Privacy Law Update: October 4, 2021
Are stricter privacy regulations a good thing? As more state and local governments look to protect data privacy, a couple of industry experts point out some of the challenges associated with these types of policies.
Effective October 1, 2021, Connecticut law concerning data breach notification will change. Conn. Gen. Stat. § 36a-701b, passed in 2012, established the notification requirements for business and protections for consumers when a “breach of security” occurs. Now, in an effort to further protect consumers, the Connecticut legislature expanded the reach of the data breach notification statute with PA 21-59.
U.S. Senator Maria Cantwell (D-WA), Chair of the Senate Committee on Commerce, Science, and Transportation convened a hearing titled “Protecting Consumer Privacy” at 10:00 a.m. on Wednesday, September 29, 2021. This hearing examined how to better safeguard consumer privacy rights, including equipping the Federal Trade Commission with the resources it needs to protect consumer privacy through the creation of a privacy bureau; and the need for a comprehensive federal privacy law.
This summer, the Federal Trade Commission (“FTC”) hosted its sixth annual PrivacyCon, an event focused on the latest research and trends related to consumer privacy and data security. This years’ event was divided into six panels: Algorithms; Privacy Considerations and Understandings; Adtech; Internet of Things; Privacy-Children and Teens; and, Privacy and the Pandemic. Welcoming attendees and kicking off the event, Commissioner Rebecca Kelly Slaughter called for minimization of data abuses and for a move away from the notice and consent model of privacy in favor of data minimization. PrivacyCon topics are selected by the FTC and often seen as an indication of enforcement priorities.
The new realities of identity are forcing marketers to rethink practices that have been in place for over 20 years. Industry, regulatory, and technology trends are fundamentally shifting the way that data is permissioned, accessed, and used for marketing purposes. These changes are driven by consumer demand for more transparency around how their data is collected, used, and managed.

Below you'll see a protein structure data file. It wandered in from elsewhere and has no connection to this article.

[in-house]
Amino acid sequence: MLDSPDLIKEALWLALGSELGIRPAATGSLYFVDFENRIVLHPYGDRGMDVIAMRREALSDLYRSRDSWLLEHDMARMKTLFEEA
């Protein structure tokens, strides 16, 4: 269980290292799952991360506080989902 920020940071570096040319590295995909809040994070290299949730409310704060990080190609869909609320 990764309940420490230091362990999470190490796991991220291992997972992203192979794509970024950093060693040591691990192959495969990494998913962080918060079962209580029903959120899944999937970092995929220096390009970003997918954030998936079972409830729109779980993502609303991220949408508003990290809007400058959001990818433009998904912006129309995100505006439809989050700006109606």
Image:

However, marketers must answer the call. The industry has an opportunity to build a more effective advertising framework that puts consumers and data privacy at the center. Marketers can still deliver personalized experiences and delight customers, but they must look at new and innovative approaches.
How do we do that? Where do we start? To answer these questions, Tapad, a part of Experian, commissioned Forrester Consulting to evaluate the current state of customer data-driven marketing.
Some say that in the new era of retail, data is gold. For others, data is oil. Whatever valuable commodity data represents, it’s key for retailers in their quest to drive innovation and differentiation in vital areas including marketing, customer experience and product development. But new laws, regulations and tech policies are forcing businesses to completely rethink how they collect and use data. Additionally, consumers have become more aware of companies’ data collection practices and have actively responded to personalization practices they perceive as shady, intrusive or both.
Commerce Secretary Gina Raimondo said Tuesday that the U.S. will rally allies in order to mount pressure on China, the world’s second-largest economy, an approach that differs from the “America First” policies pursued by President Joe Biden’s Republican predecessor, Donald Trump.
“America is most effective when we work with our allies,” Raimondo told CNBC’s Kayla Tausche in an exclusive interview. “If we really want to slow down China’s rate of innovation, we need to work with Europe.”